Another example would be the torture issue and the Convention against Torture and Other Cruel, Inhuman or Degrading Treatment or Punishment (CAT). Because of my personal involvement I have been observing this issue closely and I clearly see the changes. Before we signed the CAT in 2007, no one really meant to take this problem seriously. The practice of people in the security sector was still authoritarian and suppressive. Since we ratified CAT we have been promoting it. Our Commission has a subcommittee on the South. We are working together with the military command of the Fourth Army Division and introduced CAT to them. At first they had no idea what CAT was all about. But they learned that it is something we are committed to and something we need to comply with and to observe. So, I see changes.


Q: In this regard, how do you see the chances for signing OPCAT?

I still would say fifty-fifty. On paper it is there, the question is when. And this Commission will fully support OPCAT. In fact we want to be the National Preventive Mechanism. We made a proposal and the Department of Rights and Liberties Protection of the Ministry of Justice agreed and we are preparing to establish this unit within the Commission.


Q: How do you see the current status of the human rights in Thailand right now and with respect of the draft charter?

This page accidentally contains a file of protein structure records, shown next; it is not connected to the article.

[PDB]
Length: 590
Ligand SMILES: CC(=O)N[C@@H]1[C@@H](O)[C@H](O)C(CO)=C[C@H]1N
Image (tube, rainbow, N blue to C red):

To the first part of the question: Because of pressure from the West, EU, etc. everyone realizes now that human rights concept and practice are here to stay and we have to develop and get into a human rights culture. And I think we are getting there. A turning point for Thailand would be the recognition of the Business and Human Rights, Human Rights Due Diligence, and the UN Guideline on Human Rights Impact Assessment. It became clear that the private sector, the corporative firms have to become involved in the human rights process. In the past they have been ignoring that and felt that they could get away without observing human rights.But because the Trafficking in Persons Report, social sanctions and trade barriers became very effective everyone now realizes that we have to observe human rights. And so I see promising signs.

In fact in terms of the impact of development projects on the people, Thailand had been involving the people and the participation of  the public. But the business sector and the government sector have been complaining about too much participation. They still complain, but they have realized that they cannot avoid it. Overall, I think we are on the right direction.